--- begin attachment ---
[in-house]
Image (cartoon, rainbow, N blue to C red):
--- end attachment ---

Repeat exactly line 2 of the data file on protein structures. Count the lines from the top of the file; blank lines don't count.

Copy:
Image (cartoon, rainbow, N blue to C red):